Protect against Title IX and submit a comment by September 12, 2022.

The US Department of Education released their proposed changes to Title IX regulations that would dramatically change the future for women and girls in federally funded activities and programs. There are many negative impacts that will harm girls, women, and families.

A government portal has been set up for you to make a comment submission.  It is very straight-forward and easy to do.  In addition, this governmental body is required to read every submission, large and small – before they can finalize the new “Rule.”  So rest assured, your input will be read and considered.


Two homosexual couples have made headlines recently. One is reported to be the first homosexual couple to be married in China; the other is two Italian men that have started a hunger strike in Italy, hoping to bring homosexual marriage to the attention of the Italian government.

Besides becoming widely known, these couples have something else in common—a huge age gap.

The couple in China is a 46-year-old man matched with a 27-year-old man. The Italian couple: 38 and 22.

In both cases, one of the men is almost twice the age of his partner.

There may be an explanation for this, as reported by Julie Harren, Ph.D.,

“A common contributor to same-sex attractions is a disruption in the development of gender identity. Gender identity refers to a person’s view of his or her own gender; that is, his or her sense of masculinity or femininity.

For males, the relationship between a boy and his father is the initial source of developing a secure gender identity

When the child reaches the age of five, he begins to face another task, that is, to begin to attach to same-sex peers…Through the relationships he forms with other boys, he continues to gain a sense of masculinity, discovering more about others boys and therefore more about himself as a boy.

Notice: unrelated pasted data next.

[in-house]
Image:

Eventually, after many years of bonding with members of the same sex, the boy enters puberty. At this time he begins to turn his attention to the opposite sex…

Conversely, for the child who will develop a homosexual orientation, this process does not happen…Typically, for this child, there is something that prevents him from attaching to the father. Either he doesn’t have a father or a father figure, or he doesn’t have a father who he perceives as safe and/or welcoming.

Harren concedes, “Of course, there are many children who grow up without fathers and yet do not develop a homosexual orientation…Human development is very complex…”

Family relationships are not the only indicator, but they do play a crucial role in gender identification. Statistics say so.

A study was published in the peer-reviewed journal, Archives of Sexual Behavior, done to determine the influence of family factors on sexual-orientation development.

It was done on a population-based sample of 2,000,355 native-born Danes between the ages of 18 and 49. Denmark — a country noted for its tolerance of a wide variety of alternative lifestyles, including homosexual partnerships — was the first country to recognize same-sex unions. The researchers assessed detailed marriage records for all Danish-born men and women marrying a same-sex partner from the years 1989 through 2001.

The study shows:

  • “The shorter the duration of parental marriage, the higher was the likelihood of homosexual marriage…homosexual [”marriage”] rates were 36% and 26% higher among men and women, respectively, who experienced parental divorce after less than six years of marriage, than among peers whose parents remained married for all 18 years of childhood and adolescence.”
  • “Men whose parents divorced before their 6th birthday were 39% more likely to [”marry”] homosexually than peers from intact parental marriages.”
  • “Men whose cohabitation with both parents ended before age 18 years had significantly (55% -76%) higher rates of homosexual [”marriage”] than men who cohabited with both parents until 18 years.”
  • Men who [”marry”] homosexually are more likely to have been raised in a family with unstable parental relationships — particularly, absent or unknown fathers and divorced parents.
  • Men and women with “unknown fathers” were significantly less likely to marry a person of the opposite sex than were their peers with known fathers.
  • Men who experienced parental death during childhood or adolescence “had significantly lower heterosexual marriage rates than peers whose parents were both alive on their 18th birthday. The younger the age of the father’s death, the lower was the likelihood of heterosexual marriage.

Such extreme differences in age makes me wonder. Maybe these two young men are in relationships with older men in hopes to find some sort of father figures in their lives, or maybe to find their own gender identity.

The facts say to me, “it’s a possibility.”